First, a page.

There’s a lot of information out there about workplace wellbeing.
Any quick Google search will bring up hundreds of articles about how to build resilience and reduce stress at work.
However, many don’t seem overly helpful.
For example, one article advises you to “compartmentalise your cognitive load”. I think this translates as “do one thing at a time”.
Here are some straight-talking tips for coping with stress at work:
Identify what can and cannot be changed
One of our previous emails focused on ‘catastrophising’ – where we build up problems regardless of the actual facts. When faced with a problem, work on the things you have influence over. Don’t waste energy on things you cannot change.
Make a plan of action when confronted with a problem
Setting smaller targets that lead up to a bigger overall goal provides focus, and leads to a sense of achievement and progress. A big job can seem overwhelming and stressful at first, but taking it one step at a time can make it psychologically easier.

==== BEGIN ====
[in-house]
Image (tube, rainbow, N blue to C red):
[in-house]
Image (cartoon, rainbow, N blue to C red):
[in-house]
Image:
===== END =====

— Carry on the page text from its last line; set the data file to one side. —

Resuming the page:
Find help when it is needed
Don’t struggle on alone. Good managers will want to help their employees achieve in their role, so ask for help.
Try something else when an initial plan doesn’t work
This might sound like obvious advice, but this counts as adopting a ‘growth mindset’ where we have a willingness to learn from our mistakes. Any initial failure may feel demoralising, but by continually correcting our mistakes we’ll eventually succeed.
Encouraging yourself under pressure
Often, we have the tendency to think negatively about ourselves. It’s based on a built-in reflex from primitive times that stopped us being overconfident and putting ourselves in danger.
However, in modern life we can choose to discard those thoughts. Remember that in most cases you will be more than capable of conducting a task you’ve been given.
For more practical advice, for both individuals and wider teams, see our Building Resilience at Work eLearning course.